JET Study Tour: Iwaki

The JET Study Tour to Iwaki took place on November 16th to 17th, and it was a very worthwhile experience. Although I have lived in Iwaki for over a year now, it made the severity of the disaster and the power and resilience of the Iwaki people so much more real for me.

Our first stop on Saturday morning was the Fukushima Agricultural Technology Centre in Koriyama, where we learned about how meat, rice, fruit and vegetables are tested for radiation in Fukushima, as well as about research into new strains of rice, fruit and vegetables. Hearing our guide’s talk and seeing the facilities reinforced my belief in the safety of Fukushima produce – it’s perhaps even safer than some of the food back home! Did you know that the permitted radiation reading for food in Japan is ten times stricter than those of the EU and the USA?

Our first stop in Iwaki was Tomato Land. Tomatoes are less affected by harmful rumours as they are grown in glasshouses, so sales have apparently returned to normal. And the tomatoes – delicious! We were given a bag and told to fill both them and our stomachs. I took them at their word!!

The shopping street in Hisanohama was a real eye-opener for me. I had visited the devastated area before, but I had never spoken to anyone about their experience for fear of seeming tactless. At the shopping street, I heard first-hand of how one lady ran from the tsunami. It is amazing to me to hear the stories of these people, and see how their resilience is so great that, when people began returning but had no place to shop, these shopkeepers set up temporary stores in front of the local school. Their desire to keep going despite their experiences was really inspiring. If ever you have the chance, go and visit these people – you won’t be the same.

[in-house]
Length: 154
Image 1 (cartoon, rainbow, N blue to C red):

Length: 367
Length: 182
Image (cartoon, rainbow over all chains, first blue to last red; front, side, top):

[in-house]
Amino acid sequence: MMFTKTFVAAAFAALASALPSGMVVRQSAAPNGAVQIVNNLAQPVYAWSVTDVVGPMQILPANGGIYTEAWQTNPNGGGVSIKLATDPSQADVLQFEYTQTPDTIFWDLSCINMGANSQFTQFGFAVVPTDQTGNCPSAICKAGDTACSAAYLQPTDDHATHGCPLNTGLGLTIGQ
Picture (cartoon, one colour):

On the second day, we visited the Organic Cotton Project in Onahama. This project leases abandoned farmland to grow brown cotton, a crop that is relatively unaffected by rumours. The project has created jobs for displaced people, and the profits go to charity projects. They hope in the future to make cotton a thriving industry in Fukushima. At the project, we experienced cotton picking and got the chance to make cute little dolls using raw cotton which are usually made by housewives living in temporary housing. It was a lot of fun!
At the Kisen Kamaboko Factory, we learned about the efforts of the small company to revitalise their business after the disaster. There, they regard the disaster as an opportunity to realise and correct problems that were not visible before, and to make unique products to draw visitors to Fukushima.

Shiramizu Amidado, a designated National Treasure and Historic Site, provided a picturesque ending to the tour. Apparently we had great timing as locals told us the autumn colours were at their very best.
Overall, a great tour was enjoyed by all. Now, I have greater knowledge of my city and the efforts of people living here. I can’t properly express my feelings of gratitude, appreciation and amazement, except to say how proud I am to live here, in Iwaki, in Fukushima. がんばっぺ、福島!

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